Background and Aim: Microbiota have been associated with several diseases including colorectal cancer (CRC). This study aimed to evaluate the microbiota in early/invasive CRC utilizing stool and cytological brushes to determine differences in relative abundance (RA). Methods: Colonoscopy patients referred for endoscopic submucosal dissection or previous to CRC surgery were prospectively enrolled. Stool was collected pre-bowel preparation; and brush samples were taken during colonoscopy (three regions). DNA extraction, 16S rRNA next generation sequencing, and biostatistics (qiime and stamp software packages) followed. Primary outcome was the difference in RA of the Fusobacterium genus between the groups. Secondary outcomes included analyses of other microbiota. Results: Twenty-five patients were included, of which 14 had invasive cancer (≥ 1000 mm into the submucosa). The three major genera for invasive cancer were Bacterioides, Oribacterium, and Fusobacterium, whereas for early cancer were Oribacterium, Bacterioides, and Prevotella (decreasing order of RA). There was a significantly higher RA of Fusobacterium in the invasive cancer group (9.65% vs 0.95%, respectively, P < 0.001). The RA of all genera was similar throughout the colon. In addition to Fusobacterium, the genera Corynebacterium, Enterococcus, Neisseria, Porphyromonas, and Sclegelella showed statistically higher RA in the invasive cancer group. Conversely, the genera Oribacterium, Desulfovibrio, Clostridiales, and Lactobacillus showed lower RA in the invasive cancer group. Conclusions: The RA of Fusobacterium is higher with invasive CRC than in early CRC patients. In addition, five other bacteria genera were found to be increased, and four decreased in invasive CRC patients. The microbiota per patient was similar throughout the colon.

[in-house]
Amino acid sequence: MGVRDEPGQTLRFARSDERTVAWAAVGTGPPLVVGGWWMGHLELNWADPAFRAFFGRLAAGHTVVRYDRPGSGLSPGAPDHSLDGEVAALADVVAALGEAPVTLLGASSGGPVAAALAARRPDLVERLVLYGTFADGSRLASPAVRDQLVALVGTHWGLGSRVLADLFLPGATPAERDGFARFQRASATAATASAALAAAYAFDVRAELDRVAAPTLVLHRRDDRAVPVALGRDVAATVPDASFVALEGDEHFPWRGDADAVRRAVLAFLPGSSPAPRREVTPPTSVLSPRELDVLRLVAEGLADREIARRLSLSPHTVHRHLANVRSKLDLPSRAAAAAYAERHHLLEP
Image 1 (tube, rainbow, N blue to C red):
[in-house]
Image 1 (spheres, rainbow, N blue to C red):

|Number of pages||5|
|Journal||Journal of Gastroenterology and Hepatology (Australia)|
|Publication status||Published - 01-03-2020|
All Science Journal Classification (ASJC) codes